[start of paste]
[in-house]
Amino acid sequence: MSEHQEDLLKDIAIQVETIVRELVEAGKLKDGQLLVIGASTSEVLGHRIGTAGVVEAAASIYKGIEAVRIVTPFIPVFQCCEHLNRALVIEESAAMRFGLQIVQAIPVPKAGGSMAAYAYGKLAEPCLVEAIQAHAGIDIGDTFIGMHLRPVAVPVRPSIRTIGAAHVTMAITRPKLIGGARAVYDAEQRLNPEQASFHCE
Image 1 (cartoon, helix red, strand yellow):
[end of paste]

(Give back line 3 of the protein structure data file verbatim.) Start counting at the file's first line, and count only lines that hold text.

Image 1 (cartoon, helix red, strand yellow):